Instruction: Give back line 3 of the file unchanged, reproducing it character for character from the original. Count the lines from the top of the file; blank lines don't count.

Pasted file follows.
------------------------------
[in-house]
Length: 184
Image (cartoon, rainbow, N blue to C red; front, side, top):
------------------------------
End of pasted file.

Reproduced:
Image (cartoon, rainbow, N blue to C red; front, side, top):